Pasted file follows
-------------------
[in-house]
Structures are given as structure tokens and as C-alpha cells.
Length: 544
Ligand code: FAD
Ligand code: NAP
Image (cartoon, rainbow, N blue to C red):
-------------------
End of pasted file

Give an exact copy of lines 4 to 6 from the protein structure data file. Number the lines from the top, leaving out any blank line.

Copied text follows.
Ligand code: FAD
Ligand code: NAP
Image (cartoon, rainbow, N blue to C red):